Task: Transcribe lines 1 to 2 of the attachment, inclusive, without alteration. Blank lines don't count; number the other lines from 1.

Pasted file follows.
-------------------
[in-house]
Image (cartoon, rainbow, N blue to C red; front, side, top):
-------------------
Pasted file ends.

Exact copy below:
[in-house]
Image (cartoon, rainbow, N blue to C red; front, side, top):